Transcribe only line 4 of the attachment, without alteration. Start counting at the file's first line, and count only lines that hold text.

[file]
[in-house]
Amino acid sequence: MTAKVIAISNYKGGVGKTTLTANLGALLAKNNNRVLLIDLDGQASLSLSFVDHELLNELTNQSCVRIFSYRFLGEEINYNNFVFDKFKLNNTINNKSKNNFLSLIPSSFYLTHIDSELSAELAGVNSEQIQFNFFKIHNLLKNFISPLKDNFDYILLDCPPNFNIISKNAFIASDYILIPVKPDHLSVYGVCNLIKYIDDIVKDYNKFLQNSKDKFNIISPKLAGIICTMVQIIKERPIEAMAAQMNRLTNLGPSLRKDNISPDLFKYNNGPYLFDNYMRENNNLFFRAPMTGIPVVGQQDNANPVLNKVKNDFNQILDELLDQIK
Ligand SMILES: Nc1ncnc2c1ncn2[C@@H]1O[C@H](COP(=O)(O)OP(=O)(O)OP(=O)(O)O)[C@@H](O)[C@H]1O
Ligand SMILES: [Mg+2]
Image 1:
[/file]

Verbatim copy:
Ligand SMILES: [Mg+2]